Short Term & Working Memory

What is Short-Term Memory and Working Memory?
Short-term memory refers to holding a bit of information in one’s immediate awareness
and then to use it within a few seconds (it is very short duration memory). Working memory
refers to the ability to store information temporarily while performing another task at the same
time. Working memory has a longer duration than that of short-term memory, although it is also
a short-duration, limited-capacity memory system that simultaneously stores and allows one to
manipulate information in order to accomplish a task. Working memory is also known as the
“Workbench” of memory that temporarily holds information as it is being used or worked on. It
is a deliberate (conscious awareness) thinking process. Working memory is what allows us to
multitask and perform several cognitive tasks simultaneously.
Working Memory plays a critical, integral role in cognitive functioning and academic
learning. Reading decoding, reading comprehension, math reasoning, and written expression all
depend heavily on the adequate functioning of working memory. Students with learning
disabilities often have deficits in working memory.
Deficits in working memory can have profound classroom implications. For instance, the
student may have difficulty recalling the beginning of a sentence while reading words at the end
of the sentence as well as difficulty “visualizing” and manipulating symbolic representations
(letters and numbers) needed to assist with spelling and math skills. They tend to lose their place
or “train of thought” while working and then not knowing what the next step is. The student may
forget multi-step directions or have difficulty monitoring his own behavior and thought processes
while engaged in a task and thus prone to errors. Also, the written language process tends to
require many simultaneous memory recall skills and it becomes very difficult for the student to
execute the writing skills effectively. In serious cases it can be difficult for some students to
appropriately follow the thread of a conversation. Copying information from a blackboard in the
classroom may be compromised. In math one may become overwhelmed with too many steps in
solving problems or they may lose track of logic or a strategy. Note-taking in classes can also be
difficult for students who have working memory problems and they often forget the information
as they hear it, process it and then try to write it on paper.
These students may have trouble remembering information such as instructions and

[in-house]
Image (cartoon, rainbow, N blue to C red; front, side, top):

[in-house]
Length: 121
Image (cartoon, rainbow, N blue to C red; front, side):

phone numbers, even for a few seconds, for example. They often miss important information that
is presented orally such as complex directions because it often exceeds their working memory
capacity. Working memory is also needed to sustain attention. These children may not persevere
with tasks and may fail to complete tasks. They may have difficulty organizing materials. They
may misplace their school supplies and/or belongings.
Improving Working Memory
Practice basic skills to the point of automaticity. This refers to developing automaticity to
the extent where mental processes or mental operations can be performed with little awareness or
conscious effort. This is important in decoding words and developing a sight vocabulary in
reading, grammar and punctuation in writing, basic operations in math such as addition,
subtraction or multiplication. Ideally if these skills become automatic this would allow the
working memory to be used for more complex problem solving instead.
Chunking separate items of information into larger more meaningful units. For example,
to recall a series of numbers such as 2589064, you might group them like this: 25 890 64, which
would be easier to remember.
Use of both oral and printed material to take stress off working memory in order to avoid
overloading it. Keep descriptions short, concise and information presented slower to prevent
overload. Checklists for academic task completion can be very helpful in this regard.
Access to class outlines or teacher’s notes, to which the student can refer are helpful,
rather than copying from the blackboard where information could be lost from the transition
from the board to paper.
Verbal rehearsal strategies are helpful to keep the information in immediate awareness
long enough to manipulate it and transfer it to longer-term memory.
Getting in the habit of taking personal notes in situations in classes and at home when
there is a lot of information presented or unfamiliar and/or complicated information or while
reading that you want to be able to review and process at a later time can be very helpful.
Arthur C. Potwin
School Psychologist
May 2013